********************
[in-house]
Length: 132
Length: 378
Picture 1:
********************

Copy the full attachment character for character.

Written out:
[in-house]
Length: 132
Length: 378
Picture 1: